TechWhirl (TECHWR-L) is a resource for technical writing and technical communications professionals of all experience levels and in all industries to share their experiences and acquire information.
For two decades, technical communicators have turned to TechWhirl to ask and answer questions about the always-changing world of technical communications, such as tools, skills, career paths, methodologies, and emerging industries. The TechWhirl Archives and magazine, created for, by and about technical writers, offer a wealth of knowledge to everyone with an interest in any aspect of technical communications.
Subject:The Accidental Tech Writer From:Peggy Thompson <Peggy_Thompson -at- CCMAIL -dot- OSTI -dot- GOV> Date:Sat, 28 May 1994 10:13:00 -0400
--Boundary (ID LpbYkHcgquqJ6o5yx01ipQ)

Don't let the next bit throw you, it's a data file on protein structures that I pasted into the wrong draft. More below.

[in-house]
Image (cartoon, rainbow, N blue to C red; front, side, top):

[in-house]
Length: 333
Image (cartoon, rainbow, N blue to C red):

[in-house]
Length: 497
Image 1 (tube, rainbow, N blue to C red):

Content-type: TEXT/PLAIN; CHARSET=IBM437
I'm another accidental tech writer. I have a 1984 BA in English
lit from a liberal arts college that didn't even have a computer
on campus until the spring I graduated. I learned tech writing
on the job--from how to stick a disk in the drive, to how to
write a computer manual that didn't befuddle users (and I'm no
techie, which I think probably helped). Yes, the ability to
understand, organize, and present is probably innate. And yes,
there's a lot of fine points you can pick up through
conscientious independent study, as Dave Taylor pointed out.
Still, though, I see these tech writing programs offered today
and wonder if I haven't learned what I learned the hard way.
Bottom line: degreed or non-degreed, we're all in this together.
The cross pollination that results from a list like this sure